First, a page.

Debt Collectors & the IRS

Consumer Alert warning

(Download and print the designed version of this Consumer Alert)

In the news:

The Internal Revenue Service will employ private debt collection agencies to collect some overdue federal tax debts. The IRS will assign cases to four private collection agencies who will begin their collection efforts starting this spring.

What you need to know:

This new collection program requires the agencies to respect taxpayers’ rights and follow the protections for consumers in the Fair Debt Collection Practices Act.  
Because the collection agencies will be able to identify themselves as contractors of the IRS collecting taxes, the program will likely attract more scammers to the already effective and widespread use of phone, mail, and email tax scams.  

This Alert reminds you to stay vigilant. Look out for any unexpected contacts from anyone claiming to be collecting on behalf of the IRS. And no matter what, remember that the IRS does not accept pre-paid debit cards or wire transfer payments, and all tax debts should be paid directly to the IRS and never to someone acting on its behalf.

Private Debt Collection of IRS Tax Debts

Under the new practice, the IRS will assign private collection agencies to work on accounts where taxpayers owe money, but the IRS is no longer actively working the case.

The IRS, not the private collection agency, will give taxpayers and their representatives the first written notice that their accounts are being assigned to private collection agencies. The agencies will then separately send a second letter to the taxpayers and their representatives to confirm the transfer of the IRS accounts to that agency.

Employees of the collection agencies must follow the Fair Debt Collection Practices Act, which, among other things, means that:

  • A debt collector may not contact you at inconvenient times or places, like before 8:00 a.m. and after 9:00 p.m., unless you agree to it.
  • A debt collector may not contact you at work if they are told (orally or in writing) that you’re not allowed to get calls there.
  • A debt collector cannot pretend to be someone else.
  • A debt collector cannot harass, threaten, or deceive you.

Private collection agencies will not ask for payment on a pre-paid debit or credit card. Taxpayers will be informed about electronic payment options for tax debts on the IRS website.

Payments by check should always be payable to the “U.S. Treasury” and sent directly to the IRS, not the private collection agency.

Private collection agencies will return accounts to the IRS if they fall into any of ten identified situations, like the taxpayer is deceased, under the age of 18, or in a designated combat zone. A complete list of accounts that are not for private debt collection can be found on the IRS website.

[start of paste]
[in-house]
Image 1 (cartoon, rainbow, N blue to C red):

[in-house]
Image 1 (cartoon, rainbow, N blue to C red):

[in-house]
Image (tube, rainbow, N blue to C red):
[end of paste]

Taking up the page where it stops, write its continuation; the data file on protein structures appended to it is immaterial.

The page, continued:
Spot it: Signs of a tax debt collection scam

  • Unexpected phone calls or emails demanding immediate payment without any prior written notice.
  • Requires a specific payment method, like a pre-paid debit card or wire transfer.
  • Demand payment without any chance to appeal or question the amount.
  • Threatens lawsuits, imprisonment, or other enforcement action.
  • Asks for your personal information.

Stop it: How to avoid being scammed

  • If you are unsure whether you owe back taxes go to the IRS Account Balance and Payment History website.
  • If you do not want to work with an assigned private collection agency to settle your overdue tax account, you must submit a request in writing to the agency.
  • If you get an unexpected call and you do not owe taxes, hang up immediately.
  • Remember that caller ID can be spoofed to make it look like the IRS is calling. Don’t answer the call if you don’t owe any taxes.
  • Never make a payment for federal taxes to anyone other than the IRS.
  • Electronic payment options for taxes should only be made to the IRS.
  • Payment for federal taxes by check should be made payable to the “U.S. Treasury,” and sent directly to the IRS, not a private collection agency.

For more information:

The IRS issues consumer alerts on tax scams.

Read the Michigan Attorney General’s Consumer Alert on IRS Phone and Email Tax Scams.

Report Fraud

To make a complaint about a private collection agency or report misconduct by its employee, call the Treasury Inspector General for Tax Administration (TIGTA) hotline at 800-366-4484, visit the TIGTA website, or write to:

TIGTA
Post Office Box 589
Ben Franklin Station
Washington, DC 20044-0589

Michigan Department of Attorney General 
Consumer Protection Division
P.O. Box 30213
Lansing, MI 48909
517-335-7599
Fax: 517-241-3771
Toll free: 877-765-8388
Online complaint form 

The Attorney General provides Consumer Alerts to inform the public of unfair, misleading, or deceptive business practices, and to provide information and guidance on other issues of concern. Consumer Alerts are not legal advice, legal authority, or a binding legal opinion from the Department of Attorney General.